Pasteurise the juice

Once the juice is in the pot, we move the pot to a stove and bring it to the boil for several minutes. This ensures that the correct temperature is reached to kill off any bacteria from the apples. While you can simply use unpasteurised juice, we are aiming for a consistent flavour. That and the fact that the fruit came from a feral tree on the roadside of a major highway means that we would rather be safe than sorry!

Once the juice has been pasteurised, we skim off the frothy layer and let it cool a bit. The froth will float to the surface and congeal as it cools (apples are high in pectin, which is used as a jam setting agent). Once it has congealed, it is easy to skim off the top with a ladle.

Clean and dry the vat

While the juice is cooling, we clean out the fermenting vat and sterilise it. We are using a 30L vat available from your local brewers shop. We then pour the juice in and wait for it to cool. We supplemented our juice with that from our local orchard, Cedar Creek Orchard, who do amazing apple juice from their trees.

Mix in the yeast

Once the temperature has dropped down, we add the least. We are using a champagne yeast, 10g to the whole vat. This is enough to kick start the fermentation process. Simply add the yeast to the warm juice, stir it through, seal it with a lid and airlock, then let it do its thing for a few weeks.

Ferment (stage 1)

Fermenting is the process of converting the sugars in the juice using microbial activity into either an acid a gas and/or alcohol. There are lots of natural yeasts but we find that using a specific strain is best to ensure you get consistent results. During the fermentation process, the vat will give off lots and lots of gas. We need to monitor the airlock regularly to ensure that there is enough fluid in the S-bend to ensure that no oxygen gets into the vat.

This stage of the fermentation cycle is always good for laughs as, when all is quite in our house, there are random gurgles and bubbles heard from the air lock of the cider vat. We keep the vat in our laundry where the temperature is the most stable and it is well ventilated too. We managed to get a photo of some gas escaping. You can just see it in the image below on the right hand side of the S-bend in the air lock.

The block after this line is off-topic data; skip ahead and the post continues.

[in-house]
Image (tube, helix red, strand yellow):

Siphon and bottle

(to be updated in late February)

Ferment (stage 2)

(to be updated in March)

Drink and enjoy!

(to be updated in March)

 

 

How do you know your eggs are fresh?

Not all eggs are equal. The nutritional value of an egg is very different based on the diet of the bird that they come from. The size of an egg differs based on both the age and the breed of the chicken that laid it. Plus the freshness of the egg is dependant on how long ago it was laid.

Lets start with egg size…

I’ve touched on this in an earlier post (https://littlefieldmice.com.au/blogs/all-things-chicken/18495555-eggs-are-truly-amazing). The first eggs that a bird lays are called “pullet eggs”. They are smaller than “normal” and are more yolk than white to begin with. Here is a size comparison for you against a 50c piece…

The light blue egg is a pullet egg from our Araucana breed. In a few weeks time, she will be laying eggs similar in size to the buff coloured egg in the middle. The blue egg only weighs 35g. It is still perfectly good to eat but if you are using it in a recipe, you would need to use 2 of this size to make up a “standard” egg size.

The buff coloured egg was laid by one of our smaller Plymouth Rock girls. The larger the bird generally the larger the egg. This egg weighs 50 grams.

The brown egg is a “normal” supermarket weight at 61 grams. It was laid by one of our Barnevelder girls.

But what about egg colour? …